Blackline 27/9/18 – Important information – swim meets

Just a quick reminder to ensure you enter as many swim meets on the calendar as you can. We know it isn’t always possible to commit to them all but it is so important for the development of all competitive swimmers to compete.

Below is an exert I found which talks about the life skills that the swimmers gain from taking part in competitive meets – definitely worth a read. As a parent of older swimmers I see everyday the skills they have learnt from swimming competitively helping them through their everyday life and enabling them to make good decisions.

We hope to see as many swimmers as possible at each of the meets we are entered in. If you have any questions or queries regarding what to enter etc then please speak to their coach who would be more than happy to advise.

Swim meets are a little unforgiving when viewed in a certain manner. You spend months training a countless number of hours, only to have your performance completed in a manner of minutes, with no recourse if you disagree with the numbers on the scoreboard.

But on the other hand, they are also places where swimmers learn the value of hard work, of setting and chasing goals, and other life skills including dealing with setbacks, developing sportsmanship, to even just broing down with your fellow swimmers.

Here are 7 reasons every swimmer should go to swim meets:

1. Sportsmanship. In competition we learn the value of sportsmanship. There is value in waiting for other swimmers to finish before hopping out of the pool after a race, of waiting and cheering on the competition struggling to complete their own race. Watching young swimmers behave in this way is not only educational for other swimmers, but heartening and inspirational for the rest of us.

2. Teaches swimmers to set goals, and make a plan to crush ‘em. Swim meets provide the opportunity for swimmers to work towards a specific goal. Which requires them to make a plan to achieve it, something that will translate well to whatever they choose to do outside of the pool.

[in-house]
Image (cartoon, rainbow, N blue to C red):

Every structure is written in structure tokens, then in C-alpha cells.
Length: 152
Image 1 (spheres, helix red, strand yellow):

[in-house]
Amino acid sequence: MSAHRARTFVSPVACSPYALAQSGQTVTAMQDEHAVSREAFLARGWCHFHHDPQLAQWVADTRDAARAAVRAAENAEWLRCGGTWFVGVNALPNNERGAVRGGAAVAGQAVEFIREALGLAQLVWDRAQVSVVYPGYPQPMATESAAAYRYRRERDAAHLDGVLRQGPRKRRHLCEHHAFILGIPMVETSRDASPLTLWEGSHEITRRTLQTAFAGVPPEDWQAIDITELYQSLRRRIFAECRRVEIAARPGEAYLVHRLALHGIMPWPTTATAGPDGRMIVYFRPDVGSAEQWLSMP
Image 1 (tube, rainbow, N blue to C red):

3. Learning to cope with disappointments. They swam their little heart out, crashed into the wall in a flurry of arms and splash, spun around to see their time—and their face instantly fell. Either they lost the race they wanted to win, came short of breaking their personal best, or their goggles filled up with water right off the dive. Swimming is a microcosm of life; sometimes things simply don’t fall into place the way we want or expect. Realizing that things won’t always go our way, and understanding that the path forward is one we must pave, is a lesson that will come in handy during all stages of life.

4. It is the ultimate feedback for how you train. Piling up the miles and going in-practice bests are awesome, and can help keep you motivated and excited about training. However, to get a full idea of where your skills and abilities rack up, you gotta get up on the blocks. It’s difficult to fake the nerves and adrenaline you get in the moments before your race, and more importantly, once your race is over you not only get a clear idea of just how fast you are capable of going, but you can figure out where you can improve most moving forward.

5. Teaches the value of hard work. The most dangerous swimmer in the pool can often be found with the silver medal around his or her neck. Coming that close to winning, close enough that they can taste it, often acts as the jet fuel to higher performance. Having come so close, our runner-up will double down on their effort and commitment in the pool so that they never have to suffer the indignity of losing again.

6. Gives you the opportunity to redefine your limits. There is nothing quite like swimming faster than you ever have. That feeling of looking up at the scoreboard and seeing a number faster than you thought was possible of yourself. When you shave a heap of time off of your best time your per-conceived limits are forever altered. You now expect more and better from yourself.

7. Camaraderie. Although swimming is a hybrid individual/team sport, the swim meet is a decidedly team atmosphere. Whether it is taking a coach bus together, painting the sides of the vans with inspirational sayings, or even flying cross country together, swim meets bring athletes together. Teammates cheer for one another, screaming themselves hoarse even though they have a final of their own to swim shortly after, to swimmers from different teams cheering on an athlete who is having the swim of his or her life. A sense of kinship is inevitable when you go to battle together for a full weekend, each chasing the outer limits of what is possible